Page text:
Jailed Nobel Peace Prize winner Narges Mohammadi ends hunger strike

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The imprisoned Iranian Nobel Peace Prize winner Narges Mohammadi has ended her hunger strike after three days, according to a statement from her media team on Thursday.

She had been striking over what she said was the jail’s refusal to provide her with medical treatment.

Mohammadi ended the action on Wednesday after being allowed to leave Tehran’s Evin Prison to visit a hospital for medical care without wearing the mandatory hijab, the statement said.

Mohammadi said in the statement that she had experienced the most secure transfer in all the years of her imprisonment.

“Before my arrival at the hospital, security forces were stationed at the hospital entrance, parking lot, elevator, and the corridor leading to the doctor’s office, all under their control,” she said.

“I was surrounded by security forces everywhere. I was confined in a small room whose doors were closed and controlled by security personnel, and even my blood tests were conducted there.”

The statement continued: “I was not allowed to speak with my lawyer. My family members, who I didn’t even get to see, were identified and threatened with detention based on the prosecutor’s order.”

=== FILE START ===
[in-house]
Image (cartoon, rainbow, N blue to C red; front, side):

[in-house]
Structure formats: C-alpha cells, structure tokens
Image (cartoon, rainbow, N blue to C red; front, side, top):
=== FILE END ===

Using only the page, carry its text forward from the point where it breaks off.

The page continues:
Mohammadi’s treatment continues to spark widespread condemnation. The Norwegian Nobel Committee called the requirement that female inmates wear the hijab for medical treatment “inhumane.”

Human rights watchdog Amnesty International accused the Iranian government of “callously toying” with Mohammadi’s life in a statement on X, the platform formerly known as Twitter, on Wednesday.

Decades in jail

The 51-year-old rights activist was awarded the Nobel on October 6 for “her fight against the oppression of women in Iran and her fight to promote human rights and freedom for all.” That battle has come at a huge personal cost – she’s been sentenced to more than 30 years in jail, and has been banned from seeing her husband and children.

Mohammadi has spent most of the past two decades in prison and is currently serving a sentence of 10 years and nine months, accused of actions against national security and propaganda against the state.

In August she was sentenced to an additional year in jail for her continued activism behind bars after she gave a media interview and a statement about sexual assaults in prison, which she says have “significantly increased” since protests swept Iran last year, leading her to describe the abuse as now “systematic.”

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